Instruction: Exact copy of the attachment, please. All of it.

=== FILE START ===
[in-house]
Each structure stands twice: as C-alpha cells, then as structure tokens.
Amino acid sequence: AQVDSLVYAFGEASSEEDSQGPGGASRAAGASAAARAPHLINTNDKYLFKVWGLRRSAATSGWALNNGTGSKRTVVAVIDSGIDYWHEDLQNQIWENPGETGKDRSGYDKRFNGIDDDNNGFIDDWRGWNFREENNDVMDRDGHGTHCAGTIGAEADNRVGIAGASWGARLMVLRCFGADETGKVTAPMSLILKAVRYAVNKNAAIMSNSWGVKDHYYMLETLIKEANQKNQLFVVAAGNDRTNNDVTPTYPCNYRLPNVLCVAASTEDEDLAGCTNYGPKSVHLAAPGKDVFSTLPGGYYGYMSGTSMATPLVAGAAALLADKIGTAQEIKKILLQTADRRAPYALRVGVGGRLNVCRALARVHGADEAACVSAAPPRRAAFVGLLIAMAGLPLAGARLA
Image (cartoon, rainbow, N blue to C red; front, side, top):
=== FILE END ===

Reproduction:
[in-house]
Each structure stands twice: as C-alpha cells, then as structure tokens.
Amino acid sequence: AQVDSLVYAFGEASSEEDSQGPGGASRAAGASAAARAPHLINTNDKYLFKVWGLRRSAATSGWALNNGTGSKRTVVAVIDSGIDYWHEDLQNQIWENPGETGKDRSGYDKRFNGIDDDNNGFIDDWRGWNFREENNDVMDRDGHGTHCAGTIGAEADNRVGIAGASWGARLMVLRCFGADETGKVTAPMSLILKAVRYAVNKNAAIMSNSWGVKDHYYMLETLIKEANQKNQLFVVAAGNDRTNNDVTPTYPCNYRLPNVLCVAASTEDEDLAGCTNYGPKSVHLAAPGKDVFSTLPGGYYGYMSGTSMATPLVAGAAALLADKIGTAQEIKKILLQTADRRAPYALRVGVGGRLNVCRALARVHGADEAACVSAAPPRRAAFVGLLIAMAGLPLAGARLA
Image (cartoon, rainbow, N blue to C red; front, side, top):